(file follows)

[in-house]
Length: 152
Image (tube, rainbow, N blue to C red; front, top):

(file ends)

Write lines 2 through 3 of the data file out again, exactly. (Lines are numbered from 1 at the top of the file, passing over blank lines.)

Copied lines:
Length: 152
Image (tube, rainbow, N blue to C red; front, top):